POWER/PLAY: Liane Brandon & Holly Fisher
Opening Reception Monday November 3, 5-7PM
Artist Talk: November 12, 7pm - Liane Brandon
Artist Talk: November 13, 7pm - Holly Fisher
POWER/PLAY is an installation of film and photographic images that matches two veteran artists with widely differing sensibilities. From Liane Brandon’s documentation of women powerlifters to Holly Fisher’s improvisatory visual essays, we enter the world of artists with tremendous vision and an impressive range of experiences.
Liane Brandon, having recently joined a gym, became interested in the women powerlifters who were training. Ranging in age from 27 to 60 years old, they seemed to defy all assumptions. Brandon has created astounding images that convey both the physical nature of the sport while evoking the spirit of these women.
Holly Fisher’s t h i n k t a n k is a 16 minute video, looped for installation with audio headsets for the viewer. A visual discourse on language and surveillance, a goldfish filmed in a Chinese restaurant in Berlin is transformed within 24 layers of video into an encounter between Chinese philosopher Chuang Tzu and the 21st century darkarts of spy-craft. It all takes shape via multiple layering of a string quartet by composer Lois V Vierk. Fisher will also exhibit still images from her various film projects.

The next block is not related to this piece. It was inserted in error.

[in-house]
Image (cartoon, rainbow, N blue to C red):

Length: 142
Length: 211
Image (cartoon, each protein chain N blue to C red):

ABOUT THE ARTISTS
Her classic films Anything You Want To Be (1971) and Betty Tells Her Story (1972) were among the earliest and most frequently used consciousness-raising tools of the Women's Movement. Her films have won numerous national and international awards, and have been featured on HBO, USA Cable, TLC and Cinemax. They have twice received Blue Ribbons at the American Film Festival, and have been presented at the Museum of Modern Art, the Boston Museum of Fine Arts, the Whitney Museum of American Art, the Chicago Art Institute and the Tribeca Film Festival. As Professor at the University of Massachusetts, Brandon taught film and education courses, was the head of the Educational Technology Program at the College of Education and was the Director of UMass Educational Television which produced award winning, original educational programming for cable/home audiences throughout New England.
Holly Fisher has been active since the mid-sixties as an independent filmmaker, teacher, and editor of documentaries, including the 1989 Academy Award Nominee Who Killed Vincent Chin? Her work as director, filmmaker, and editor have been screened in museums and film festivals worldwide, including The Museum of Modern Art, two Whitney Museum Biennials, Tribeca Film Festival, and Centre Pompidou.
Fisher’s films are open-ended essays, fusing linear narrative with non-linear and increasingly layered and cyclic structures. Her first feature Bullets for Breakfast received “Best Experimental Film” at the Ann Arbor Film Festival, 1992. With an on-going interest in human rights, perception, and media, Fisher followed with three more long-form essay films: first is Everywhere at Once with Jeanne Morau, and in collaboration with photographer Peter Lindbergh. Next was Deafening Silence, in which Fisher travels to Burma's eastern frontier, on foot and under-cover with guerrilla soldiers, to document life in a village of internally displaced ethnic Karen people. A Question of Sunlight concerns the formation of memory, and links 9/11 with the holocaust via 'the telling of memories' by NYC artist José Urbach, who was witness to both.
Liane Brandon's website
Holly Fisher's website